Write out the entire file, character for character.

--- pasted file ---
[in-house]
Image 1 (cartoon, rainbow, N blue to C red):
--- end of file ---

[in-house]
Image 1 (cartoon, rainbow, N blue to C red):